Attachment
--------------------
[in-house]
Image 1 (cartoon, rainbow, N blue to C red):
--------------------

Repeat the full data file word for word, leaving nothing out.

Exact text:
[in-house]
Image 1 (cartoon, rainbow, N blue to C red):